- #1

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Are there any down to earth examples besides the empty set?

Edit: No discrete metric shenanigans either.

Edit: No discrete metric shenanigans either.

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- Thread starter Poopsilon
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- #1

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Edit: No discrete metric shenanigans either.

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- #2

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Actually, I think any disk in [itex] \mathbb{Q}_p [/itex] would work.

I'm not sure if you'd count that as "down-to-earth."

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- #4

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I'm confused, so there are such open compact sets, but only in non-connected metric spaces?

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I'm confused, so there are such open compact sets, but only in non-connected metric spaces?

I think that's correct. Suppose we have a nonempty proper subset S of a metric space X with S open and compact. As deluks said, then S is closed, hence clopen. Then S and [itex] X \setminus S [/itex] are both open, disjoint, and nonempty and [itex] X = S \cup (X \setminus S)[/itex]. Therefore X is disconnected.

Incidentally, the p-adic numbers are totally disconnected.

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- #7

disregardthat

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- #8

HallsofIvy

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- #9

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A compact subset of a metric space is closed.

Only in Hausdorff spaces. There are non-Hausdorff spaces with compact sets which are not closed.

For example, take X an infinite set and equip it with the finite complement topology:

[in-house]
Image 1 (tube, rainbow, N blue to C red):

[tex]\mathcal{T}=\{A\subseteq X~\vert~X\setminus A~\text{is finite}\}[/tex]

then all subsets of X are compact, and so are the open subsets. But of course, not all subsets are closed.

This is an example of a noetherian space (= a space in which all open subsets are compact). They arise naturally in algebraic geometry.

EDIT: I'm sorry, I saw now that they were asking for a metric space. But I'll leave my answer here because it might be useful to some.

- #10

Bacle2

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"A compact subset of a metric space is closed"

Just a quick comment, to refresh my metric topology: an argument for why compact subsets X of metric spaces M are closed: as metric subspaces, compact metric spaces are complete. Now, use closed set version that a subset is closed iff (def.) it contains all its limit points. Now, assume there is a limit point m of X that is not in X. Then you can construct a Cauchy sequence in X that would converge to m, e.g., by taking balls B(m, 1/2

- #11

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"A compact subset of a metric space is closed"

Just a quick comment, to refresh my metric topology: an argument for why compact subsets X of metric spaces M are closed: as metric subspaces, compact metric spaces are complete. Now, use closed set version that a subset is closed iff (def.) it contains all its limit points. Now, assume there is a limit point m of X that is not in X. Then you can construct a Cauchy sequence in X that would converge to m, e.g., by taking balls B(m, 1/2^{n}), but then X cannot be complete, since m is not in X.

Indeed. Do notice that you have used here that limits of sequences are unique!! The argument does not hold for pseudo-metric spaces.

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